392. South Africa Gorter. 179. South Pacific Commission No. pp. Department of Agriculture and Fisheries No. 65 pp. (1967) Malattie delle piante coltivate in Somalia. Waller Seychelles Mathias.A. Technical Communication. 76 pp. G. (1973) Microorganisms associated with plant diseases in the British Solomon Islands Protectorate. Sri Lanka Abeygunawardena. Gorter. G. 47–51. 147 pp.J. Science Bulletin. Their Diagnosis and Treatment in Ceylon. Department of Agricultural Technical Services No. Solomon Islands Brown. (1982) A newly revised guide to South African literature on plant diseases. Ltd. Science Bulletin.J. L. 177 pp.) Istituto Agronomico per l’Oltremare. Gorter. and Lim. Apothecaries’ Co. (1971) Pest and disease problems in the Seychelles. G. Singapore Tan. Sierra Leone Deighton. (1956) Diseases of Cultivated and Other Economic Plants in Sierra Leone. P. 398. 27 pp.A. Italy. (Diseases of cultivated plants in Somalia. (1969) Diseases of Cultivated Plants.F. D.M.M. Colombo. (1981) Index of plant pathogens. (1977) Index of plant pathogens and the diseases they cause in cultivated plants in South Africa. Firenze. Proceedings of the 6th British Insecticide and Fungicide Conference 1971.A. 835–841. G. Information Document. 289 pp. Department of Agriculture. Revue de Mycologie 35. J. Sierra Leone. 84 pp. Government Printing Department.M. Republic of South Africa No.K.W. Somalia Golato.M. 32.304 J. II.L. C. . and the diseases they cause in wild growing plants in South Africa.C. F. (1970) Fungal diseases of vegetables and ornamentals in Singapore.V.J.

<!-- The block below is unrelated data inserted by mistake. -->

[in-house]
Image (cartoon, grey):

. Tchinde. Phytopathological Papers No. Mycological Papers No. Taiwan Plant Protection Society. (1963) A supplementary list of Sudan fungi and plant diseases. 118 pp. . D. (1980) Host Index of Plant Diseases in Thailand. 127 pp. J.A. 37. 89 pp. (1955) The Fungi and Plant Diseases of the Sudan.) Mededelingen Landbouwproefstation in Suriname No. 1–5. (1960) A revised list of plant diseases in Tanganyika Territory.J.A. (Survey of the most important diseases and pests of crop plants. and Zakari. 75. 40 pp. Lare. 404 pp. UK. (1972) Beitrag zur Kenntnis der Pflanzenkrankheiten und -schadlinge Togos. E. 595–619. F. 2nd edn.Regional and Country Lists of Plant Diseases 305 Sudan Tarr. (1958) Plant diseases of economic importance in the Northern Region.J. Taichung. (1978) A supplementary and annotated list of plant diseases. (Contribution to the knowledge of plant diseases and pests of Togo. 31 pp. and Allen. pathogens and associated fungi in Tanzania. Surinam Del Prado. Taiwan Anon. United Arab Republic.L. 85. Riley. 22..A. D. Syria Mulder.J. Bangkok. (1966) Overzicht van de belangrijkste ziekten en plagen van landbouwgewassen. S. (1979) List of Plant Diseases in Taiwan. Mycological Papers No. 42 pp. S.) Zeitschrift fur Pflanzenkraniheiten und Pflanzenschutz 79. D. Kew. Ministry of Agriculture and Cooperatives. FAO Plant Protection Bulletin 7. I. M. P. E. Commonwealth Mycological Institute. Tarr. Tanzania Ebbels. Togo Niemann.A. Thailand Giatgong.